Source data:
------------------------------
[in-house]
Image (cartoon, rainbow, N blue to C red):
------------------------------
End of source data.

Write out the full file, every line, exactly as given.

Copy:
[in-house]
Image (cartoon, rainbow, N blue to C red):